Voters cast their ballots at the Fire Fighters Memorial Building in Miami on Nov. 8.

WASHINGTON — President Trump’s voter fraud commission met in New Hampshire on Tuesday to discuss what members characterized as declining confidence in elections. But the most telling discussions of the session addressed declining confidence in the commission itself.

As protesters outside the meeting accused the panel of promoting voter suppression, New Hampshire Secretary of State William M. Gardner, a Democrat on the commission, warned that “the specter of extreme political partisanship” threatened to undermine whatever work it was doing. And Maine Secretary of State Matthew Dunlap, another Democrat on the commission, dressed down the commission’s Republican vice chairman for what he called reckless statements about supposed voter fraud in New Hampshire.

Even a commission member not in attendance made his critical voice heard. The panel “should be expanding the rights of our citizens to vote, instead of arguably looking for ways to keep people from voting,” wrote Alan L. King, a Democrat and probate judge in Jefferson County, Ala., in a stinging letter.

“Some parts of our electorate wish to beat their chests on so-called ‘voter fraud,’ and there may be some isolated instances” of irregularities, he wrote. “But, I would venture to say, thousands upon thousands more people are stricken from voter rolls without justifiable cause or have their vote suppressed.”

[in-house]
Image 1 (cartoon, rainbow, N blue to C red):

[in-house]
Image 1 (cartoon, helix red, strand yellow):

From its start in May, the Presidential Advisory Commission on Election Integrity has been dogged by charges that it was established to bolster President Trump’s baseless assertion that fraud cost him a popular-vote victory last November, and to lay the groundwork for future Republican efforts to restrict voting rights. Mr. Trump collected 2.8 million fewer votes than his main rival, Hillary Clinton, but nevertheless won the Electoral College tally.

Critics say the panel is politically stacked — the chairman and vice chairman are both Republicans — and loaded with extremists who contend that election fraud is rampant.

On Tuesday, the Campaign Legal Center, an advocacy group, released an email obtained under the Freedom of Information Act in which a Justice Department employee was urged to push Attorney General Jeff Sessions to create just such a commission.

The email, from an employee at the conservative Heritage Foundation whose name was redacted, was sent to an aide to Mr. Sessions with the instruction “Please give this to JBS.” It expressed alarm at rumors that the panel would include Democrats…